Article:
Using Big Data Techniques to Study Social Factors that Affect Child Health

Researchers at Weill Cornell Medicine recently developed an AI-based method to identify patterns in the conditions in which people are born, grow, live, and age commonly referred to as social determinants of health (SDoH), linking the patterns to the health outcomes of children. This novel approach provides a more holistic and objective picture of potential and current social factors which can affect the health of children.


The research team analyzed data obtained from over 10 thousand children across 17 states in the U.S. Each child had over 80 neighbourhood SDoH factors, with the analysis revealing four broad patterns in the sample. They include high-stigma environment, affluence, high socioeconomic deprivation, and high drug and crime sale rates. The team discovered statistical connections between these patterns relating to the developmental, mental, cognitive, and physical health of children.


‘A complex set of social factors can influence children’s health, and I think our results underscore the importance of using methods that can handle such complexity,’ said Dr. Yunyu Xiao, the lead author of the study and assistant professor of population health sciences at Weill Cornell Medicine.


In this study, lead authors Drs Xiao and Chang Su-experts in machine learning and AI- applied these ‘big data’ methods on social epidemiology problems. One of such problems was the examination of factors influencing the mental health of children during the COVID-19 pandemic.


‘Our approach is data-driven, allowing us to see what patterns there are in large datasets, without prior hypotheses and other biases getting in the way,’ said Dr Su.


The dataset in the novel study was generated by the Adolescent Brain Cognitive Development (ABCD) Study with a cohort of 10,504 American children.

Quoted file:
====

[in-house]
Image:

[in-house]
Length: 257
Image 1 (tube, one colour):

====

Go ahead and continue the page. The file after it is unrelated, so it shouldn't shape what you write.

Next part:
The research’s key finding was categorized into four broad patterns- high-stigma, affluence, low level of education and urban high crime, and high socioeconomic deprivation. White children were the majority in the high-stigma and affluent patterns, and Hispanic and Black children were over-represented in the other two.


On the average, the high socioeconomic deprivation pattern was associated with the worst health outcomes including worse physical health and cognitive performance, and more signs of mental illness. The two non-affluent patterns were generally associated with more adverse outcomes.


However, the study was not without its limitations. The ABCD study data is not considered as reliable as objectively measured data, and epidemiological analyses are only capable of revealing relationships between health outcomes and social factors. They cannot prove that one can influence the other. Nonetheless, the researchers explained that the results show that a relatively impartial machine learning approach can be used to reveal connections and can help further studies discover causative mechanisms linking social factors to the health of children.


‘This multi-dimensional, unbiased approach in principle can lead to more targeted and effective policy interventions that we are investigating in a current NIH-funded project,’ said Dr Xiao.


By Marvellous Iwendi.

Source: Weill Cornell Medicine